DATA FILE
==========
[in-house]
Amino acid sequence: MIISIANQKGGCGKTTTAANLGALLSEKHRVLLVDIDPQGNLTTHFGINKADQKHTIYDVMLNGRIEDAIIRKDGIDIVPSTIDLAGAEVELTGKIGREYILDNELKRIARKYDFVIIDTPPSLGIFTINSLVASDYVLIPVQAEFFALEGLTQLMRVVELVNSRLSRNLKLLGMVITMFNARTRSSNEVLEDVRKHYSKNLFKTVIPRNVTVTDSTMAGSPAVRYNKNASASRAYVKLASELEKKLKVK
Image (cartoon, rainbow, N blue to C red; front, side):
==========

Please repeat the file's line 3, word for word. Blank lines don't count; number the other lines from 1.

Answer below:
Image (cartoon, rainbow, N blue to C red; front, side):